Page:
Will more realistic expectations from patients cut back on litigation?

The days of 'doctor knows best' may have gone, but does that mean the patient is always right? This is what Catherine Calderwood, Chief Medical Officer of Scotland, explores in her annual report.

Last week Dr Calderwood published her second annual report, Realising Realistic Medicine, which builds on her first report, Realistic Medicine, published in 2016. Realistic Medicine focuses on a move from a culture of “doctor knows best” to one where patients and doctors consider health and wellbeing together.

Doctors should help patients to better understand their health and care, while patients should share their treatment preferences and take part in decision-making about their health. Variation in care is something Dr Calderwood also intends to tackle, noting that it can lead to potentially harmful situations and a waste of available resources.

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In her most recent report Dr Calderwood looks at implementing this new approach, calling for doctors and patients to have an open and honest conversation about the benefits and risks of procedures and medicine. She refers to the Supreme Court’s landmark decision in 2015, Montgomery v Lanarkshire Health Board, as evidence of a shift to a more personalised approach and shared decision making.

She suggests this will mean doctors must have more discussion with patients about the treatment options (including no treatment) and risks and benefits. While some have argued that this approach will raise patient expectations and may even cause more litigation, Dr Calderwood disagrees.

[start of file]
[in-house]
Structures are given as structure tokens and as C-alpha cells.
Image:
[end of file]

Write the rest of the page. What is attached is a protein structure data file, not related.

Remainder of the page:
Instead, this report suggests that approaching care in a more 
person-centred manner will improve patients’ experiences and outcomes. This could also reduce the number of complaints, and fewer complaints should mean less litigation.

But is that right? This approach to patient-centred care and informed consent gives the courts a more difficult task. They can no longer rely on expert evidence to establish whether a doctor acted in accordance with a practice accepted by a reasonable body of medical practitioners. With this new approach, judges must consider the doctor/patient discussions and assess whether the patient really gave informed consent to treatment. It is human nature that there will be differing standards of communications and interpretation of Realistic Medicine.

This lack of consistency means less certainty and may mean more litigation. Dr Calderwood envisages that a meaningful conversation between the doctor and patient may result in the patient deciding not to pursue active treatment.

She notes that people tend to overestimate the benefits of some treatments and underestimate the risk. What if a patient decides not to pursue active treatment?

The doctor must ensure that the patient is fully informed about the potential outcomes, even if that means death.

If they do not, they risk being sued by a patient who suggests they did not know – or did not understand – the consequences of their decisions.

Dr Calderwood is right to suggest such a radical patient-focused service, but it leaves the courts, not the clinicians, to determine the scope of the 
doctor-patient relationship.

Claire Raftery is a senior associate with Clyde & Co